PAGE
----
The Raven have fought together for years, six men carving out a living as swords for hire in the war that has torn Balaia apart, loyal only to themselves and their code. But when they agree to escort a Xesteskian mage on a secret mission they are pulled into a world of politics and ancients secrets. For the first time The Raven cannot trust even their own strength and prowess, for the first time their code is in doubt. How is it that they are fighting for one of the most evil colleges of magic known? Searching for the secret location of Dawnthief; a spell that could end the world? Aiming not to destroy it but to cast it…
It took me a rather long time to get around to reading Dawnthief. There’s no particular reason for this oversight, but for the longest time, The Chronicles of the Raven has been a series I’ve always wanted to try. With my New Year’s Resolution to finally get around to four particular fantasy series, I thought there was no better time. I’m glad I did, too. The book, while flawed and suffering from a number of rookie issues, is nevertheless addictive. I’ll certainly be reading more of the series. This was, given the pacing and events of the first third of the book, a tricky review to write.
Dawnthief drops readers right into the action, as the Raven defend a castle from an invading force. The pace of these early scenes barely lets up for a couple of chapters, and it’s quite the whirlwind. To be honest, it was a little disorientating, as I had no context for the characters we were meeting or action taking place, and yet so much seems to happen with little explanation. I’ll admit I was pretty tired when I first started reading Dawnthief, so this surely affected my ability to orient myself. That being said, I quickly felt I came to know the characters, and started to enjoy their company quite a bit.
The Raven: the greatest mercenary band on Balaia, highly sought-after due to their superb record and reputation. At one point, early in the novel, shortly after the Raven are hired by the Xeteskian mage Denser, we get the explanation for why they are so sought after. Specifically, it boils down to their simple code:
“While killing was legal within the rules of battle, and in witnessed defence of self and others, outside of these boundaries it was murder. And The Raven, perhaps alone, had stood in battle lines for ten years with robbers, bandits, bounty hunters and other hired men little better than murderers, with their collective conscience clear. There were plenty who said it was the total adherence to their code that made them strong and feared by opponents; and Denser had no doubt that the perpetuation of this myth helped them enormously. Mainly, though, he considered it was because while as individuals they were outstanding, if not brilliant, as a team they were simply awesome.”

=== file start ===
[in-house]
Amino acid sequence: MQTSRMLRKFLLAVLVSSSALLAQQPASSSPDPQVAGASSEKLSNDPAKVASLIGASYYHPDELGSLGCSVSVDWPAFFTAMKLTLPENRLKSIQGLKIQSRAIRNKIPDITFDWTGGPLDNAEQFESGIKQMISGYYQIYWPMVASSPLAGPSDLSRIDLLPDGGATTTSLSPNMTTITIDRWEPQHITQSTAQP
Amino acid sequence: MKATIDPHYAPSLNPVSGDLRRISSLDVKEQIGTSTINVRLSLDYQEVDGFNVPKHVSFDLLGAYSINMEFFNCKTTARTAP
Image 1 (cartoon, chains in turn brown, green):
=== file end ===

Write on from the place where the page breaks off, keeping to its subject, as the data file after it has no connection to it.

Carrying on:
Unbeknownst to Denser, the Raven are not in a good place at the time of their acquaintance. Following the messy job that introduces them, during which Denser is actually working at cross-purposes, we learn that certain members of the team have been considering packing it all in. For some, this is understandable – they’ve got rich working as part of the Raven, and have lives and dreams they want to pursue outside of warfare. For others, particularly characters like Hirad the Barbarian, all they know is war, and they think that’s all their life will be until they are cut down in battle. At one point, the elf mage Ilkar simply states, “we’re getting too old to fight,” and argues that they are starting to lose their edge. Hirad, who is second-in-command (of sorts), scoffs at the idea, still very much enjoying the life of a mercenary. Luckily for Denser, however, the vast amounts of wealth he can offer as recompense for what would begin as a simple escort job sways the team into accepting one last job. Naturally, the more time they spend with Denser, the job just spirals completely out of the Raven’s control, and takes on an apocalyptic caste. They are sucked in, and not all goes in their favour.
I thought Barclay did a great job writing the characters, particularly the banter and camaraderie between the members of the Raven. The dynamic between them is really good and interesting, and I particularly liked the fact that they are thinking of packing it in (at just 33-years-old...). We certainly get the sense that they are comfortable with each other. That being said, there are some reactions – for example, to particular deaths – that seemed odd or imbalanced: for one early on, intense grieving, but for another perhaps more momentous death, they get over it pretty quickly.
I also really struggled t0 get to grips with Erienne: she goes through some truly tragic events over the course of the novel, it’s true, but I thought she was very inconsistent, petulant, and in some scenes melodramatic. Then, despite her incredible dismay at the collapse of, basically, her entire life, she decides that Denser’s “seed” is her only hope… Maybe I missed something along the way, but I really felt her desire for Denser came completely out of nowhere. She is probably the weakest link in the novel, sadly. She had a lot of potential, but I don’t think it was ever realised.